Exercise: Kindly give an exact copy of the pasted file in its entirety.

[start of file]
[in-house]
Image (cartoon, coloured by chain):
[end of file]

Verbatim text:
[in-house]
Image (cartoon, coloured by chain):